Haulage firm ‘confused by Government website’ fined for dumping waste at Honiton and Membury farms
PUBLISHED: 16:15 31 May 2018 | UPDATED: 16:29 31 May 2018
A small haulage firm has been ordered to pay more than £24,000 in fines and other penalties after they misread advice on a Government website about tipping waste.
South West Tippers believed it was allowed to dump up to 5,000 tons of waste which it picked up from a building site on farmland because it was sandy soil.
The official government website stated at the time that there was a different limit for sand than for other types of waste but the wording has been changed since the firm was prosecuted.
It now states that the correct legal position, which is that the limit is 1,000 tons over three years at any one location while the 5,000 ton figure relates only to waste from mining or prospecting.
The company broke the limits by dumping more than the permitted 1,000 tons at three sites in East Devon when they disposed of waste from a major construction site at Axminster.
They were warned after depositing 1,290 tons at Granville Farm, Honiton in March 2017, but went on to dump 2,520 and 3,870 at Challenger and Park Farms in Membury in June and July 2017.
SW Tippers, based at Berne Lane, Charmouth, Dorset, admitted two offences of depositing waste beyond the limit of a permit when appearing at Exeter Crown Court.
The firm was fined £5,000 with £2,740.16 costs and ordered to repay £16,500 under the Proceeds of Crime Act by Recorder Mr Llewellyn Sellick.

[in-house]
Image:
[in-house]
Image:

He said: “I am told the director misread a government website and thought that because the words ‘sand and clay’ defined what he was collecting, it meant there was a higher limit.
“Bearing in mind the warning letter the company received in April, I take the view this offence was in between negligent and reckless, rather than being reckless or deliberate.”
Mr Dylan Sadler, prosecuting, said a very small amount of disposal is allowed on some farmland under an exemption scheme, but there is a strict limit of 1,000 tons. The company was caught dumping 1,290 tons at Grenville Farm in April and sent a warning letter. The offences relate to the later disposal of waste at the farms in Membury.
He said the company made a profit by getting rid of the waste more cheaply than on properly authorised sites and directors Alan Elmes and Philip Ellard had agreed to repay £16,500 under the Proceeds of Crime Act.
Mr Stephen Nunn, defending, said there had never been any intention to break the law and the company had kept full records of what it was doing at all times.
He said all the material was inert and non-hazardous and that Mr Elmes had been confused by the wording of the official government website.
He believed the higher limit for sand and clay deposits applied because that was the nature of the soil they were removing from the building site.
Mr Nunn said: “The website should have read as it does now. It was revised in November 2017 to say the waste sand and clay must come from exploring, mining, quarrying or minerals.”
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